and takes the cattle;] To take, in Shakspeare,
signifies to seize or strike with a disease, to blast.
-idle-headed Eld- -] Eld here means old.
urchins, ouphes,] i. e. Fairies.
With some diffused song;] i. e. Wild, unconnected,
A diffused song signifies a song that strikes out into wild sentiments beyond the bounds of nature, such as those whose subject is fairy land. WARBURTON:
By diffused song Shakspeare may mean such songs as mad people sing. Edgar in K. Lear, when he has determined to assume the appearance of a travelling lunatic, declares his resolution to diffuse his speech, i. e. to give it the turn peculiar to madness.
Line 388. And, fairy-like, To pinch the unclean knight;] This should perhaps be written to-pinch, as one word. This use of to in composition with verbs is very common in Gower and Chaucer, but must have been rather antiquated in the time of Shakspeare. See Gower De Confessione Amantis, B. 4. fol. 7.
"All to-tore is myn araie."
And Chaucer, Reeve's Tale, 1169.
-mouth and nose to-broke."
The construction will otherwise be very hard. TYRWHITT. Line 408. That silk will I go buy;-and in that time] Mr. Theobald referring that time to the time of buying the silk, alters it to tire. But there is no need of any change: that time evidently relating to the time of the mask with which Falstaff was to be entertained, and which makes the whole subject of this dialogue. Therefore the common reading is right. WARBURTON.
Line 416. -tricking for our fairies.] To trick is to decorate.
ACT IV. SCENE V.
Line 435. -standing-bed, and trucklc-bed;] The usual furniture in chambers in that time was a standing-bed, under which was a trochle, truckle, or running bed. In the standingbed lay the master, and in the truckle-bed the servant. So in Hall's Account of a Servile Tutor:
"He lieth in the truckle-bed,
"While his young master lieth o'er his head."
Line 437.-Anthropophaginian] i. e. Man-eater.
-Bohemian-Tartar- -] The French call a Bohemian what we call a Gypsey; but I believe the Host means nothing more than, by a wild appellation, to insinuate that Simple makes a strange appearance. JOHNSON.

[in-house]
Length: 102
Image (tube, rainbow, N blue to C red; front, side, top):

Line 456.-muscle-shell;] He calls poor Simple muscleshell, because he stands with his mouth open.
-clerkly,] See note on the same word in The Two Gentlemen of Verona.
Line 489.but was paid for my learning.] To pay, here means to beat.
-Primero.-] A game at cards. JOHNSON. action of an old woman,
-] What! was it any dexterity of wit in Sir John Falstaff to counterfeit the action of an old woman, in order to escape being apprehended for a witch? Surely, one would imagine, this was the readiest means to bring him into such a scrape: for none but old women have ever been suspected of being witches. THEOBALD.
Falstaff, by counterfeiting such weakness and infirmity as would naturally be pitied in an old woman, averted the punishment to which he would otherwise have been subjected, on the supposition that he was a witch. STEEVENS.
Line 556. Sure, one of you does not serve heaven well, &c.] The great fault of this play is the frequency of expressions so profane, that no necessity of preserving character can justify them. There are laws of higher authority than those of criticism.
ACT IV. SCENE VI.
image] i. e. Representation.
-quaint in green,] i. c. Whimsically drest i.e.
ACT V. SCENE I.
Line 9. —hold up your head and mince.] To mince, is to walk with affected short steps.
ACT V. SCENE II.
Line 37. -a nay-word,] i. e. A watch-word.
ACT V. SCENE III.
Line 59. and the Welch devil, Hugh?] The former impressions read the Welch devil Herne? But Falstaff was to represent Herne, and he was no Welchman. Where was the attention or sagacity of our editors, not to observe that Mr. Ford is enquir ing for Sir Hugh Evans by the name of the Welch devil? Dr. Thirlby likewise discovered the blunder of this passage.
ACT V. SCENE V.
-kissing-comfits,] Confections to sweeten
Line 103. Divide me like a bribe-buck,] Probably means, a buck
sent as a fee, or present.